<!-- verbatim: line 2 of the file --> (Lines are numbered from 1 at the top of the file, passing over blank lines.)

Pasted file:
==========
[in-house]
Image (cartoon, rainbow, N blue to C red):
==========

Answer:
Image (cartoon, rainbow, N blue to C red):